Slawomir Czerwinski Slawomir Czerwinski on

I decided the time has come to start working on the next major release of Glimpse. It is a huge step for such a big project, maintained by a single person. However, there are a few reasons why Glimpse 2.0 needs to come to life pretty soon.

OpenGL ES 3.1

One of the reasons behind Glimpse was a single OpenGL interface for both desktop JVM and Android. Currently, the project no longer uses Java (it uses Kotlin Multiplatform), but the philosophy behind it is still valid.

Using OpenGL ES 2.0 allowed for minimum API level 8 (Glimpse uses 14 due to other reasons), which ensured maximum Android versions range, while still providing shaders functionality.

But the times have changed. Android 5.0 (API level 21), which is the minimum version supporting OpenGL ES 3.1, is now available on over 99% of Android devices. Coincidentally, it is also the minimum version required by Jetpack Compose. Nowadays, it is hard to find an ongoing Android project that would target API levels before 21.

So why not harness the features provided by OpenGL ES 3.1 in Glimpse?

Less Focus On Android

In the early days of the project, Android was the driving force behind new features of Glimpse. As time flew by, however, I put more and more focus on desktop JVM in my projects.

Does this mean that Android will no longer be supported? Absolutely no. The vision behind Glimpse is do be a multiplatform framework. And I can reassure that Android will continue to be fully supported by Glimpse.

Maintenance of Android codebase does not require much effort anyway. Android code is limited to several core classes and a few platform-specific extensions.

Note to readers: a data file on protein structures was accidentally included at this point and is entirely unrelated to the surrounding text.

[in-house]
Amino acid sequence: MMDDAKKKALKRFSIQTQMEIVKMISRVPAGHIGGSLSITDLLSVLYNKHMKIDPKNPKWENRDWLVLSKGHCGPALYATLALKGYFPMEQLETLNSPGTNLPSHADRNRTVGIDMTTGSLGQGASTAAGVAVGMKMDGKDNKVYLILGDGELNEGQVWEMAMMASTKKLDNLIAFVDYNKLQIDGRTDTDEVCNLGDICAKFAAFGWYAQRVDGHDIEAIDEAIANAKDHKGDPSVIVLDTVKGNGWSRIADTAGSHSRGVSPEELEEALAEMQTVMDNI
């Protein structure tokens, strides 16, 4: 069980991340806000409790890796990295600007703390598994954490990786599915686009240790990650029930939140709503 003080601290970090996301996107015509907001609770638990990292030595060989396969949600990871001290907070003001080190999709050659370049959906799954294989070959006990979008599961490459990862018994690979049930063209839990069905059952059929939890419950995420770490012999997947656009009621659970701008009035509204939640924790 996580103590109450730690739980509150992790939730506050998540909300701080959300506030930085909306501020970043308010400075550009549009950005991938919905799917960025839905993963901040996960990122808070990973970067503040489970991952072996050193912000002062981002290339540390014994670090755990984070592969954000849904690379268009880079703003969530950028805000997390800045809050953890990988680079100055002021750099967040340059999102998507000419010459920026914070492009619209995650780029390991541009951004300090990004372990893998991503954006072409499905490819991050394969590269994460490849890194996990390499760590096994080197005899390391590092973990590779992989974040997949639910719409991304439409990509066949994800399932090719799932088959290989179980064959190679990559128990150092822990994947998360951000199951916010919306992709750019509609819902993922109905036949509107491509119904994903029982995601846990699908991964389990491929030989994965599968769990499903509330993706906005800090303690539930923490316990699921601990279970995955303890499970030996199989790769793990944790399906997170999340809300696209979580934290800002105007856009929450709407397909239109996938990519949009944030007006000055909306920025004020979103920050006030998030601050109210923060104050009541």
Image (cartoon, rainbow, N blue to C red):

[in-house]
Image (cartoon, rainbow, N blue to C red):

However, Android will no longer be the main focus of the framework. Some new complex and resource-consuming features can be implemented, although lower-end Android devices might not be powerful enough to handle them.

High-Level Features

The core scaffolding of Glimpse is pretty much solidified. It will undergo changes, in order to harness OpenGL ES 3.1, but the overall structure will stay similar.

This means more time being spent on higher-level features, which will facilitate development of OpenGL applications.

Breaking Changes In 1.3.0-SNAPSHOT

As I was working on new features planned for version 1.3.0, I realised that I needed to introduce some breaking changes in the upcoming release. Core types of the framework—angles, vectors, matrices, cameras, lenses—are becoming generic.

Migration to the next version will require a lot of manual updates in the code. I realised, these changes were hard to justify without a general major update.

What Will Not Change

Glimpse is a free, open-source project, published under Apache 2.0 licence. However, I will greatly appreciate even small contributions. If you would like to support my efforts, you can do it via GitHub Sponsors or Ko-fi.

Glimpse is still multiplatform. It will continuously support both desktop JVM and Android. I would like to eventually extend supported platforms by iOS and JS, but I can’t promise anything.

There are currently no plans to use Vulkan. Maybe in Glimpse 3.0?